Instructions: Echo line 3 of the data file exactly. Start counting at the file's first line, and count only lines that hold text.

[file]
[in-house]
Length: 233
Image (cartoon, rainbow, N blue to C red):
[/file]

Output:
Image (cartoon, rainbow, N blue to C red):